Touch Points

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Updated September 19, 2022
Art for Money

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As part of your proposal, list the touch points—that is, the moments over the course of the project where you (and/or your team) will engage in a planned conversation with the client (and/or their team). The purpose of these touch points might be to hand off the deliverables, ask questions, or give a general update on the progress. Over-communication is key, because, as James Altucher says, “Most people are 8-year olds.”

This is not an insult to anyone, it’s the reality of dealing with busy, stressed, insecure, distracted human beings, some of whom don’t care a lot about their jobs. You might be dealing with one person, or more likely, a team of people who don’t talk to each other. They are never listening as closely as you think they are, so you need to repeat yourself.

This might sound annoying. Get over that, and quickly. Just master it. It’s not hard, and it will reward you exponentially. Get in touch with the client over the course of the project, rather than waiting for them to get in touch with you. Even if there’s nothing to report, just say a quick “hi” and remind them what you’re bringing to the next touchpoint.

Phases of Work

Break down the phases of work. Even the simplest job can be broken into smaller pieces that are easy for your client to understand and easy for you to deliver.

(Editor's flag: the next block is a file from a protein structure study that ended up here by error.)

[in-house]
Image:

The objective of breaking the job into phases is to give your client a quick inside look at what goes into this stuff. Let’s say a client asks you to create a logo for her business. For simplicity’s sake, let’s say this client’s business is small, and she’s a bit less experienced when it comes to working with creatives. We’ll call her Tanya.

When Tanya first contacted you, she had a certain idea in her head. You asked her what she was interested in seeing, and she says that she wants something clean and modern but also retro and classic and also a little edgy. When you ask her to show you references (existing logos that she’s attracted to) she says, “It’s in my head. I’ll know it when I see it.”

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